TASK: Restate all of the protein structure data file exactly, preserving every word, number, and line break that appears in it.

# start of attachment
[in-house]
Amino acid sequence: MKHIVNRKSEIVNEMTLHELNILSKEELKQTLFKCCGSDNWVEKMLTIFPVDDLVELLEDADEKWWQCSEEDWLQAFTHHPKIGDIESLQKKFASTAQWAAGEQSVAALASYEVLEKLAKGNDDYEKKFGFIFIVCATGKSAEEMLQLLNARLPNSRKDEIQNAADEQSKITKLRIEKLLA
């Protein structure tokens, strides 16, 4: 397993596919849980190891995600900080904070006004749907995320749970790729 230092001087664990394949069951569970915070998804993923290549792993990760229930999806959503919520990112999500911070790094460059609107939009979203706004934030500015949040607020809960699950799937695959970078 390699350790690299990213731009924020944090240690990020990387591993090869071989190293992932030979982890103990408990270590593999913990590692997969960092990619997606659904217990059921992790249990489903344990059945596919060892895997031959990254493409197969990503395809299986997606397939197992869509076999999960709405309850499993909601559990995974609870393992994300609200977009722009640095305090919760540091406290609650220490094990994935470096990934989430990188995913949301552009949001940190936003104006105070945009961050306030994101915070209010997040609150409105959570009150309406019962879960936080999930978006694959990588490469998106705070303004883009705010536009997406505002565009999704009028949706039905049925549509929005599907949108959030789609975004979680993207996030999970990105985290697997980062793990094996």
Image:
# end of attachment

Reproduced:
[in-house]
Amino acid sequence: MKHIVNRKSEIVNEMTLHELNILSKEELKQTLFKCCGSDNWVEKMLTIFPVDDLVELLEDADEKWWQCSEEDWLQAFTHHPKIGDIESLQKKFASTAQWAAGEQSVAALASYEVLEKLAKGNDDYEKKFGFIFIVCATGKSAEEMLQLLNARLPNSRKDEIQNAADEQSKITKLRIEKLLA
């Protein structure tokens, strides 16, 4: 397993596919849980190891995600900080904070006004749907995320749970790729 230092001087664990394949069951569970915070998804993923290549792993990760229930999806959503919520990112999500911070790094460059609107939009979203706004934030500015949040607020809960699950799937695959970078 390699350790690299990213731009924020944090240690990020990387591993090869071989190293992932030979982890103990408990270590593999913990590692997969960092990619997606659904217990059921992790249990489903344990059945596919060892895997031959990254493409197969990503395809299986997606397939197992869509076999999960709405309850499993909601559990995974609870393992994300609200977009722009640095305090919760540091406290609650220490094990994935470096990934989430990188995913949301552009949001940190936003104006105070945009961050306030994101915070209010997040609150409105959570009150309406019962879960936080999930978006694959990588490469998106705070303004883009705010536009997406505002565009999704009028949706039905049925549509929005599907949108959030789609975004979680993207996030999970990105985290697997980062793990094996």
Image: